We have monthly meetings where the staff gets lunch together and we go over who is scheduled for what training and anyone that’s just come back from training shares what they’ve learned. At our monthly meetings, if anything new has come up with our planning, we let them know. During these meetings we also go over each of our staff’s vision boards. The vision boards have personal and business goals. It’s an opportunity for them to share something that they’d like to do and by sharing it, we can all help them achieve it.
Twice per year, we have a semi-annual meeting with our estate and business plan. Our other children are not interested in the business, but we still want to keep them informed. We set up an advisory board that has a state attorney, a financial planner, an accountant and our ATI coach. This board would help them out in the event of a crisis.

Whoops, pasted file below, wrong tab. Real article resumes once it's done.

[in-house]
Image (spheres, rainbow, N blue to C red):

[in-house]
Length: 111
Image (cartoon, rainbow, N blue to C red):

On Saturday from 12–1 p.m., Dave and I do a radio show called “Auto Talk” on our local radio station. We usually take about a week off per month and go down to our condo in Florida, but we try and be back by Saturday because we like doing it so much.
When we leave on our vacation, we’re able to totally unplug. We don’t go on long vacations, but I know everything at the shop is taken care of. I sleep a lot better knowing if something happens to us, we have a plan.
SHOP STATS: Murphy's Autocare Location: Beavercreek, Ohio Operator: Jan and Dave Murphy Average Monthly Car Count: 200 Staff Size: 10 Shop Size: Two separate buildings that are 2,500 square feet each Annual Revenue: $1.5 million